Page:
Back in the Race
by Rebecca Falzano
Photography Billy Black
After a year and a half of restoration, the famous Sparkman and Stephens racing yawl, Bolero, made her grand return to the water
She has been bringing wooden boat enthusiasts to their knees for sixty years.
She is internationally celebrated for her beauty and speed.
She is considered one of Olin Stephens’s finest designs.
Her name is Bolero.
The 73-foot yawl was originally launched in 1949 by the Henry B. Nevins Yacht Yard of City Island, New York, for the commodore of the New York Yacht Club, John Nicholas Brown. An exquisite engineering feat, her construction was the culmination of the efforts of a talented designer, a builder who worked to top standards, and a prominent owner who valued quality and performance. With a 51-foot waterline, she was as big as she could be and still qualify for the ocean races of her era. She was the first to finish in several Bermuda races, and held the record for elapsed time in the race until 1974.
With great respect for her history, Bolero’s current owners were committed to preserving the vessel’s beauty and integrity. They turned to Rockport Marine to restore the competitive racer. Over the course of twenty months, shipwright and project manager John England led a crew of up to twenty people in a complete restoration of the vessel, which had several broken frames. Further inspection revealed that the horn timber and the deck beams were also ready for replacement and that the original cedar deck had been covered with plywood and a teak veneer, resulting in unnecessary thickness. England and his team completely reframed the boat, replacing the original steam-bent frames with laminated oak frames. This effort necessitated the removal of the interior and most of the hull planking, which was replaced with double-planked mahogany over cedar, with epoxy glue between the layers. In addition, the roomy interiors were largely redone, and the systems overhauled. The main and mizzen masts were overhauled and repainted as well.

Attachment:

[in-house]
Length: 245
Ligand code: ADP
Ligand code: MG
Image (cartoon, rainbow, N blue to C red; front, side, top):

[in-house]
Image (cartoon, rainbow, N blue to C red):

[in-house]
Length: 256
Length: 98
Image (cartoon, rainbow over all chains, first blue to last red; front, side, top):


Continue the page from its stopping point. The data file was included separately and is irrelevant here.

“One of the things that really struck me about this particular boat is that its design is just as suitable and appropriate for worldwide cruising now as it was sixty years ago,” says Rockport Marine owner Taylor Allen. “It’s a timeless design. Even though it’s a restoration of a sailboat with a lot of pedigree and history, it teaches us a lesson in what works in yacht design today.”
Allen also noted that, despite the vessel’s age, its shape was maintained fairly well through the years. “It was a real testament to the design and engineering skill that went into the original piece of work,” he says.
Thanks to the work of dozens of individuals, the restoration happened within a short time frame, so Bolero was able to return quickly to where she belongs. The water.